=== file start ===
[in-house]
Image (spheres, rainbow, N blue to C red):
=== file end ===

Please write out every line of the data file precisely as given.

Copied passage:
[in-house]
Image (spheres, rainbow, N blue to C red):